As I was extracting the plastic butter knife from Bob’s frail and thin-skinned chestal cavity (as you recall, Bob is our archetypical records manager that I love to pick on), in a rare moment of decency, I couldn’t help but realize that maybe I was too harsh and should reflect upon my pointed last blog post that made Bob feel so bad about himself. If you need to refresh your recollection, here it is (http://areyoukiddingme.kahnconsultinginc.com/2013/03/dont-shoot-messenger-records-management.html )
People tell me they are tired of “issues spotters”. That is the cynical and negative types like me that hone in on corporate America’s information management failings while eating popcorn just to point out the obvious. “I get that discovery is painful and expensive—help fix it”. “I get that records management is utterly broken—help make it better”. “I get that I am a powerless “Army of One” with a records management agenda that would keep 12 people busy and report to a knucklehead that doesn’t care, but get me funding to do something productive”. Ok I get it, you want solutions not the “in your face” slap of reality that reminds you that you have already been replaced by the IT folks and your days are numbered.
Here are 7 things that you can do to transform your career
1. SIMPLIFY-Rework all records policies and retention rules so that they can be applied by technology. If you have event based retention, get rid of it unless ABSOLUTELY required by law. Lots of folks point to imaginary laws that they claim requirement event triggers. Do the research and you will realize you are wrong lots of the time. In any event, work with your lawyers to get agreement to simplify, simplify, simplify. Make it practical and seek reasonableness.
2. RELOCATE-Politic to have records management be part of the IT department. They have money, control all info and need your help. I have heard the debate for years now. In fact, I hear it every year for 2 decades—where is the best corporate location for information management? Stop the debate find a better home, where you are loved.
3. MARKET-Change your program to an Information Governance program, and market what you do, build support, and go and win budget for valuable initiatives. You are a business not an indigent on the dole. Make yourself valuable and sell your wares just like everybody else does.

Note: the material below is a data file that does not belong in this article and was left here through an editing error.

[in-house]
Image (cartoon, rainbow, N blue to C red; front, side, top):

4. BUSINESS FOCUSED-Stop trying to get approval for saving 12 dollars by destroying 6 boxes of paper. Think big and think value to the business and what executives care about. If your information governance program saved millions of dollars and made the business appreciably more productive, the executive would take note. Defensible Disposition is a winner project for IT, Legal, Users, Customers and Executives. Go build a team, get buy in and elevate retention to a place of import.
5. EDUCATE- Our world doesn’t need old tools, it needs really smart folks with knowledge of technology that makes things hum. Get busy and get smart ASAP.
6. BUSINESS CASE- The way you will get budget is to have a plan to attack a business problem. The plan will demonstrate how much it will cost, how long it will take, how many internal and external resources it will take, and WHAT THE ECONOMIC BENEFITS WILL BE TO THE ORGANIZATIOIN. If a project costs a lot and doesn’t provide calculable economic benefit it won’t get funded. If it is little in value to the organization nobody will care. Think big and think smart. Cleaning house of 30%of the information crud clogging the pipes will be valuable because it can save major money.
7. STOP WHINING-Bob, no one likes to hang with victims. Start to see yourself as a valuable asset to the company. Think money, not boxes. Think service provider, not box pusher. Think budget, not justifying your salary. Think relationships, not about being browbeat by the head of Real Estate to whom you report, but who cares naught for you. Become, faster, smarter and business value focused.
Maybe if you can successfully take that on in the next 12 months, you won’t be so interested in collecting chapter pins at the next ARMA International Conference anymore.